1922 Encyclopædia Britannica/Wright, Wilbur
WRIGHT, WILBUR (1867-1912), American inventor, was born near Millville, Ind., April 16 1867. He was the son of Milton Wright, a bishop of the United Brethren in Christ. He secured a high-school education in Richmond, Ind., and Dayton, O. Together with his brother Orville he opened a shop for repairing bicycles at Dayton in the early ‘nineties. The Wright brothers early became interested in the problem of flying, and from about 1900 made many experiments with gliding machines at Kittyhawk, N.C. On Dec. 17 1903 such a machine with a petrol motor attached flew 260 yd., the first successful flight of an aeroplane; and on Oct. 5 1905, near Dayton, they accomplished their first successful long flight, more than 24 m., at the speed of 38 m. an hour. In spite of this proof of the practicability of flight in heavier-than-air machines, they were unsuccessful in enlisting financial support in America. In 1908 Wilbur Wright went to France, and on Sept. 21 won the Michelin prize by a flight of 56 miles. This brought him international fame. In Dec. of the same year he made from Le Mans, France, a flight of 77 m. in 2 hours and 20 minutes. In 1909, during the Hudson-Fulton Exposition in New York City, he flew from Governor's I. up the Hudson river to Grant's tomb and back, travelling 21 m. in 33 minutes and 33 seconds. On March 3 1909 Congress awarded the Wright brothers a special medal. Later the U.S. Government purchased a machine for $30,000, and afterwards the invention was officially adopted by the U.S. army. The French patents were sold for $100,000. After 1910 Wilbur Wright gave up public flying and devoted his time to mechanical improvement of the Wright machine. He received many medals and honours from European countries. He died at Dayton, May 30 1912.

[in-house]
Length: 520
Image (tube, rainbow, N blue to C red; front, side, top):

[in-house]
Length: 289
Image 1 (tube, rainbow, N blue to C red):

His brother, Orville Wright (1871- ), was born at Dayton, O., Aug. 18 1871. He was educated in the Dayton schools, worked with his brother Wilbur in the bicycle repairing business, and was closely associated with him in all his experiments in developing a practicable aeroplane. He shared in the many honours awarded by foreign countries, and after the death of his brother became director of the Wright Aeronautical Laboratory at Dayton. In 1913 he received the Collier trophy for developing the automatic stabilizer. In 1915 he was appointed a member of the U.S. Naval Consulting Board. The same year the Wright Aeroplane Co. sold its patents to a New York syndicate, Orville Wright remaining chief engineer.